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Manufacturing and Military Communications @ MILCOM 2005

By William W. Durgin

On behalf of the Manufacturing Advancement Center, MAC, I joined the representatives of the Massachusetts Alliance for Economic Development, MAED, at the MILCOM 2005 conference in Atlantic City, which took place in October. Our objective, as a group, was to portray the advantages of expanding and/or relocating in the Commonwealth. My personal objective was to identify opportunities that could benefit manufacturers. I was able to chat with all the exhibitors and to attend a number of technical sessions.

First of all, it was obvious that Massachusetts already has a very strong presence in the military communications area, not only with major defense contractors but also with a myriad of smaller subcontractors. The supplier network is both a necessity and an advantage. Clearly, this is a robust industry that includes manufacturing in satellite communication systems, field vehicles, and encryption products, as well as communications devices, secure wireless systems, sensors, and network equipment.

I was surprised at the large number of small, specialty manufacturers present. Many companies making connectors, cable assemblies, sensors, antennas, electronics boxes, antenna mechanical drives, and the like. Similarly, a large number of companies involved in various software products including network modeling, network monitoring, encryption, production management, and business management. The Ft. Monmouth, NJ area has developed a significant number of spin-off companies with very interesting products including geolocation. Certainly, this is a terrific example of innovation and incubation resulting from strong government spending in the communications area. Ft. Monmouth, itself, is now subject to BRAC and we received many inquiries from very capable individuals as to employment opportunities in Massachusetts.

The manufacturing opportunities that I identified included systems, interoperability, Internet standards, first responders, emergency power, and laser communications. All of the major manufacturers were interested in engineers who had education or experience in the "systems" area. This was clearly a reflection of the complexity of military communications systems and the need for workers in this area to have the big picture. Interoperability, more precisely the lack thereof, of communication systems is a huge problem made visible by the multitude of recent disasters. While there were a few companies with interesting products that could tie together the large variety of existing radio systems, it seems that the ultimate solution will be to replace all communications systems at huge expense. Most of the "buzz" derived from the rapid development of the new Internet protocol, IPv6, for the next generation network.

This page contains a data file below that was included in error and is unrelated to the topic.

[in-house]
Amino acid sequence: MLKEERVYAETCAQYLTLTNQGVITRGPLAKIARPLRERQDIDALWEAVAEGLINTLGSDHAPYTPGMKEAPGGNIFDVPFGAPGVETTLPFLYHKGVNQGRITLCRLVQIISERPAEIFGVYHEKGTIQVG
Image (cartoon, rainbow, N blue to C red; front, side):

Equipping and protecting first responders is clearly an industry focus that is in its infancy. Principal concerns are health status monitoring and geolocation. Lots of people are working on these problems but with no good solutions and only rudimentary demonstrations of prototype equipment.

The lack of emergency and portable power systems is an obvious and severe impediment to the deployment of many communication systems. The need is for systems of low weight that can power the equipment carried by humans and for systems that can stand-by for long periods of time but switched on quickly.

Finally, there seemed to be significant R&D underway in the laser communications area, presumable secure communications. While many Massachusetts companies are already working in these areas and, indeed, are often the leaders, there is clearly a huge opportunity for all manufacturers because of the existing strengths and resources we possess.

Military communications equipment manufacturing is a strong suit of Massachusetts industry. It is an area of rapid technological evolution and presents substantial opportunity for small manufacturers as part of the supply chain.


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